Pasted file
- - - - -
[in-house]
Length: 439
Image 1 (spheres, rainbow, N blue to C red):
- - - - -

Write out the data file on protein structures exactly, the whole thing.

[in-house]
Length: 439
Image 1 (spheres, rainbow, N blue to C red):